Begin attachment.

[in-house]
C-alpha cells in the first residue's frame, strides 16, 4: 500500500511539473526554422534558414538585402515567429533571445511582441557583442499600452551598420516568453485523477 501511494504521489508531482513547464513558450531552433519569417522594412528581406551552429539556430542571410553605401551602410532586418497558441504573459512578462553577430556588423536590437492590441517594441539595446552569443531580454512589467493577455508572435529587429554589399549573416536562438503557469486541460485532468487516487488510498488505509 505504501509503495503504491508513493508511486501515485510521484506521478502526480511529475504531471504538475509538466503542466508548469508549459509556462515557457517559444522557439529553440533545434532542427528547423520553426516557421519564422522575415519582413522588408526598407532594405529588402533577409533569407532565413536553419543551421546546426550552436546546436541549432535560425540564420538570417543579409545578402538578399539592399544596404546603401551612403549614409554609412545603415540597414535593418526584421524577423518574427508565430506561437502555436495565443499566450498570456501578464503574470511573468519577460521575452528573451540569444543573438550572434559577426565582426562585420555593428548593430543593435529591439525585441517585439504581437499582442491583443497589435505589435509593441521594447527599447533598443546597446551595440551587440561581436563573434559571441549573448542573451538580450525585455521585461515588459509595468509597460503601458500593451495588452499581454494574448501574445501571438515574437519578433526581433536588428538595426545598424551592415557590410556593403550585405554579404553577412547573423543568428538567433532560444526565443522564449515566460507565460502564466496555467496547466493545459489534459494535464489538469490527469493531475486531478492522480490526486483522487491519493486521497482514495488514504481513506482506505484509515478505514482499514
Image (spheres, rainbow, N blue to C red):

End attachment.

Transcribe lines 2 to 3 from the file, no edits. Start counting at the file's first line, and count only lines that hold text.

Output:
C-alpha cells in the first residue's frame, strides 16, 4: 500500500511539473526554422534558414538585402515567429533571445511582441557583442499600452551598420516568453485523477 501511494504521489508531482513547464513558450531552433519569417522594412528581406551552429539556430542571410553605401551602410532586418497558441504573459512578462553577430556588423536590437492590441517594441539595446552569443531580454512589467493577455508572435529587429554589399549573416536562438503557469486541460485532468487516487488510498488505509 505504501509503495503504491508513493508511486501515485510521484506521478502526480511529475504531471504538475509538466503542466508548469508549459509556462515557457517559444522557439529553440533545434532542427528547423520553426516557421519564422522575415519582413522588408526598407532594405529588402533577409533569407532565413536553419543551421546546426550552436546546436541549432535560425540564420538570417543579409545578402538578399539592399544596404546603401551612403549614409554609412545603415540597414535593418526584421524577423518574427508565430506561437502555436495565443499566450498570456501578464503574470511573468519577460521575452528573451540569444543573438550572434559577426565582426562585420555593428548593430543593435529591439525585441517585439504581437499582442491583443497589435505589435509593441521594447527599447533598443546597446551595440551587440561581436563573434559571441549573448542573451538580450525585455521585461515588459509595468509597460503601458500593451495588452499581454494574448501574445501571438515574437519578433526581433536588428538595426545598424551592415557590410556593403550585405554579404553577412547573423543568428538567433532560444526565443522564449515566460507565460502564466496555467496547466493545459489534459494535464489538469490527469493531475486531478492522480490526486483522487491519493486521497482514495488514504481513506482506505484509515478505514482499514
Image (spheres, rainbow, N blue to C red):